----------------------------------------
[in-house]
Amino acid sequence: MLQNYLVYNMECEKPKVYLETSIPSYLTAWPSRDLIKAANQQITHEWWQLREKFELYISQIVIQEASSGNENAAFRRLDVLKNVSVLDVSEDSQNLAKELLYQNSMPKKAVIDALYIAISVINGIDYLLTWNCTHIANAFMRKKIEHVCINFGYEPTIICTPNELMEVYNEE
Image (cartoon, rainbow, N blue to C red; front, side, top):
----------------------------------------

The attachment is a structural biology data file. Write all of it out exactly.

[in-house]
Amino acid sequence: MLQNYLVYNMECEKPKVYLETSIPSYLTAWPSRDLIKAANQQITHEWWQLREKFELYISQIVIQEASSGNENAAFRRLDVLKNVSVLDVSEDSQNLAKELLYQNSMPKKAVIDALYIAISVINGIDYLLTWNCTHIANAFMRKKIEHVCINFGYEPTIICTPNELMEVYNEE
Image (cartoon, rainbow, N blue to C red; front, side, top):